When the Romans started to build a road, they most often couldn’t see the destination they were heading for, yet they still managed to plot a straight route between the two, so how did they do this? The answer is that they used a simple but effective combination of beacons and a surveying instrument called a ‘groma’. This chapter includes a video, a text and an infographic explanation of the surveying method used by the Romans to build their roads.
How to use a groma
Step 1: Using Beacons
Standing in Londinium the Roman surveyor knew the general direction of Noviomagus, the city he wanted to build a road to, but he couldn’t see Noviomagus from where he was standing because there were hills in between.
The surveyor would therefore light a beacon in Londinium and then set off in the general direction of Noviomagus. When he got to the highest point in the landscape where he could still the beacon in Londinium, he would place another beacon. He would then set off again, in the general direction of Noviomagus, placing beacons along the way and always making sure the beacons were on a high point in the landscape, and that he could see the one he placed before when placing the next one. Eventually, the surveyor would be able to see Noviomagus and place the last beacon in the town.
There would now be a line of beacons across the countryside linking Londinium with Noviomagus, although they wouldn’t be in a straight line. Getting the beacons to align is where the groma came in.
Step 2: Using a Groma
A groma was a simple but effective instrument and every Roman surveyor would have one. It consisted of a long stick with a cross of two more sticks fixed at right angles to each other mounted on top. From the end of each arm of the cross hung a string with a weight on it, making a plumb line. To use it, the groma would be pushed into the ground so that it was upright and the plumb lines hung vertically.
Lining up the beacons
The surveyor would put the groma in the ground at the site of the last beacon before Noviomagus and line up two of the groma’s plumb lines with the beacon in the town of Noviomagus. Then he would walk around the groma without touching it, to see if the other two plumb lines lined up with the previous beacon. If the previous beacon was out of line with the plumb lines, it would be shifted to place it so that it was in line. This was much easier and quicker to do with a person on each beacon, but remember, communication over distances was limited! In forests, fires would be lit and the smoke used to help line up the beacons. In this way, the surveyor could place the groma in one location and get three beacons lined up – the one in Noviomagus, the one he was standing at, and the next one towards Londinium.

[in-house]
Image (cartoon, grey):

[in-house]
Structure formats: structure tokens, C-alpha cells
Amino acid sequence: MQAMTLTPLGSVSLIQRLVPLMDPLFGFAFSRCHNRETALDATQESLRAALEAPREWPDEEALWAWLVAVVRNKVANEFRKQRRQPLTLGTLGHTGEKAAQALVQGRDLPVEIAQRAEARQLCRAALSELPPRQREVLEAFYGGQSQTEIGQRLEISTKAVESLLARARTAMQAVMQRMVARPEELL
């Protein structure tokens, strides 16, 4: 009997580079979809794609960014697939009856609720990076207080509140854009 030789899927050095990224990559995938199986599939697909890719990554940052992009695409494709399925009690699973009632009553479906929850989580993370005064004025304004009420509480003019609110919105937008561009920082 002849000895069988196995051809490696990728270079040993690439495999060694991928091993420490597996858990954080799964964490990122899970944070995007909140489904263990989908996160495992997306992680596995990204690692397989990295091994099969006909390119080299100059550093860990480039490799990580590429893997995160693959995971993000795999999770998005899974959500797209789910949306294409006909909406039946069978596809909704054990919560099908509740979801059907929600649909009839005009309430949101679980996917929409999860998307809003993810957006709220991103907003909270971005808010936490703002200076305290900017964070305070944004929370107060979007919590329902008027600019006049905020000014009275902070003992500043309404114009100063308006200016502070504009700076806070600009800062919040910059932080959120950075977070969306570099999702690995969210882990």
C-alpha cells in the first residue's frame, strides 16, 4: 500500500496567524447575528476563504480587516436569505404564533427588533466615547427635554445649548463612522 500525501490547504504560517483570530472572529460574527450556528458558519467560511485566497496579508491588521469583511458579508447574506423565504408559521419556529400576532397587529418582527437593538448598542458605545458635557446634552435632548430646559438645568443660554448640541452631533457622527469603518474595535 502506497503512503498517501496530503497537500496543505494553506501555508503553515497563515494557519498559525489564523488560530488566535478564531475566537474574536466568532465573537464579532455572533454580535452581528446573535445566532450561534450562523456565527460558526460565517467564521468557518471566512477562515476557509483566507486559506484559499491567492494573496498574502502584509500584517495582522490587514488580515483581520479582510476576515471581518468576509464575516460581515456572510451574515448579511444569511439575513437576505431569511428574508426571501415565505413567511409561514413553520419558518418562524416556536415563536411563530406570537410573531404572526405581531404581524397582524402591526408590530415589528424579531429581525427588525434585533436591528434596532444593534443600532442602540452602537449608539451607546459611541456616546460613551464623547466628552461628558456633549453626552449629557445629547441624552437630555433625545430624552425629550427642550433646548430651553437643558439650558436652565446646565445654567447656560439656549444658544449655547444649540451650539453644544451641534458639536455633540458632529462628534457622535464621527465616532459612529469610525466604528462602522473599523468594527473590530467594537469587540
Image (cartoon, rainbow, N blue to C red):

It was then a case of moving between the beacons, using the groma to line each one up with the beacon before it, and the one after it, shifting the beacons one way or the other until eventually they were all in a straight line between Londinium and Noviomagus.
It would have been a long and tedious job, but the resulting straight roads were a major factor in the ability of the Romans to keep control of Britain and to export the island’s raw materials.
The Romans needed straight, wide, solid roads to transport troops and goods. The roads they built were made from aggregates – lots of different sized stones that compacted down to create a strong, stable and long-lasting surface. These roads could stand up to the marching of hundreds of soldiers, and carts laden with supplies.
The Romans brought two more road building innovations to Britain; road camber and drainage. Romans built their roads with a camber, or a slight convex curve to the surface, which we still use today. This prevents water from sitting on the surface of the road making it soggy, instead channeling it to the edge of the road. Coupled with this, the Romans built drains alongside the roads in order to absorb this runoff from the cambered road and channel it away.
The photograph below shows a cross-section of a modern reconstruction of a Roman road. The reconstruction is built on top of the land and uses metal ‘cages’ to keep the aggregate in place for the purpose of showing how the roads were made. In reality, the road would have been dug into the land and constructed without using wire ‘cages’.
Along the route of their roads, the Romans placed carved milestones as signposts and distance indicators to other Roman settlements.